Personally, I really like this implicit conflation of the Red Scare horror of ’50s Hollywood insect communism — surely epitomised by 1954’s Them! — and the technological emergence of a new collective subjectivity. This isn’t surprising in and of itself, with Žižek’s early writings on the problem of the “Idea of communism” remaining interesting reading, but I was surprised to see this connected so explicitly to the questions of accelerationism.

Just as surprising is his warning, at the end, of newly virulent social hierarchies, echoing the Landian warnings of a burgeoning “hyper-racism” — which I’ll cautiously bring up saying nothing of his well-known tendency towards generic Twitter racism — that is, the tentatively selective process of late-capitalist outside-in profiling and assimilation leading to the intensification of ethnic differences rather than the one-world delusion of an explicitly Western neoliberal capitalist expansionism.

Capitalism’s innate tendency to let its Outside in does not effectively remove the Outside, and I think Žižek is right to highlight this. We should pay closer attention to what is continuously being rejected and what is being conditioned. Indeed, Žižek’s position even seems somewhat reminiscent of “unconditional accelerationism“: acceleration is a fact, albeit a relative one, and we should pay closer attention to the real-world affects of its selective mechanisms as they appear around the world.

To find ways out is to let the Outside in and if we become better attuned to the dynamics of acceleration as they are presently and energetically transforming the world around us, we might find that communism is closer than we think, so often relegated to a mere horror at the edge of what we know right now.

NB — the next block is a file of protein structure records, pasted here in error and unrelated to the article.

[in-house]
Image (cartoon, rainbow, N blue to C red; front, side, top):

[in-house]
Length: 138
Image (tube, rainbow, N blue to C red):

1. I’m always surprised that people see Zizek as part of the older communist world view… if anything Zizek is a right-wing leftist, one who has pushed a certain Hegelian revisionism into the 21st Century. In many ways Land’s early work converges with such a Zizekian world, although in a different register or level of thought, one that is diametrically opposed to the dialectic. And, yet, Zizek’s dialectical thought is not the standard reading of Hegel, but a diametric opposition to the orthodox Hegelians. Most people never truly get under the hood of either of these thinkers, rather they see them through the standard ideological blinkers of lesser minds.

  2. I like his take on Hegel ↑ he is constantly delving into the shifting culture and building a language of investigation towards an awareness. I remember how some on the left pilloried him for his comments on Trump winning the presidency and he was saying this was important as an indicator of how a society arrived at that point, but more importantly what that implied for the future (in my mind he has been right about that) and viz your discussion he continues to be unorthodox, if in fact that is a category, because I find that perjoratives are simply weapons rather than tools, and I find him refreshing. Strange how we like things in straight lines as a species (in general).